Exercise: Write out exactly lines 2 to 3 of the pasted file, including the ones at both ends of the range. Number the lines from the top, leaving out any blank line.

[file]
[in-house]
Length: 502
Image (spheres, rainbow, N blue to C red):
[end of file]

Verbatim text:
Length: 502
Image (spheres, rainbow, N blue to C red):